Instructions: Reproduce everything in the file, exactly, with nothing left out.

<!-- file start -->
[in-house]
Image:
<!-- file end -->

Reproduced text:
[in-house]
Image: